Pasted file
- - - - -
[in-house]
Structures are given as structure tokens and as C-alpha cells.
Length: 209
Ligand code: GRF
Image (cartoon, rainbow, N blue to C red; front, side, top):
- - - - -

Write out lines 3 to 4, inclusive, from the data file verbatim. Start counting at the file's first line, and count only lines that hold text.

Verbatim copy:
Length: 209
Ligand code: GRF